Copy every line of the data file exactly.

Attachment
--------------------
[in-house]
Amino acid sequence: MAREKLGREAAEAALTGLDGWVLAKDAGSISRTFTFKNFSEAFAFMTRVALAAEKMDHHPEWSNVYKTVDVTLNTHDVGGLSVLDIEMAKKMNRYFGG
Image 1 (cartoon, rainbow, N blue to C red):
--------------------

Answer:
[in-house]
Amino acid sequence: MAREKLGREAAEAALTGLDGWVLAKDAGSISRTFTFKNFSEAFAFMTRVALAAEKMDHHPEWSNVYKTVDVTLNTHDVGGLSVLDIEMAKKMNRYFGG
Image 1 (cartoon, rainbow, N blue to C red):